Stress and Testosterone

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Stress, Anxiety, and Testosterone Levels

You already know stress and anxiety take a toll on your body and overall health, but you probably didn’t know it also has a seriously bad effect on your testosterone levels.

There is a negative correlation between the “stress hormone” cortisone and testosterone, meaning when cortisone goes up, testosterone goes down[1]. And not only is cortisone linked to your testosterone levels but it’s impact can have a near instant effect when cortisone spikes.

Not feeling “in the mood” after a bad day? That could be cortisone taking its toll on your testosterone level with its immediate effect. Long-term stress can be even more damaging because your body keeps up the levels of cortisone to try to deal with your stressors. On a biological level, your body goes into “fight-or-flight” mode, and reproductive vigor is just not an immediate priority. Your body’s resources are being diverted elsewhere, and you’re simply not able produce testosterone at a maximum level.

Reducing the stress in your life or at least working on your ability to cope with that stress is a fundamental key to maximizing your testosterone production.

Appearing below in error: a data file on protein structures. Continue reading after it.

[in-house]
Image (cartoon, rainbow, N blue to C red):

1. Hoogeveen, A.R. and M.L. Zonderland, Relationships between testosterone, cortisol and performance in professional cyclists. Int J Sports Med, 1996. 17(6): p. 423-8.


The views expressed in this blog are personal opinions and they are not intended to be, or replace, medical advice by a healthcare professional. While we have put in an extraordinary amount of time, energy and effort to give you the best information possible, based on the best research we could find, different people may have different views of the research discussed. You should always conduct your own research and seek advice from a healthcare professional before taking or discontinuing any of the consumables mentioned.

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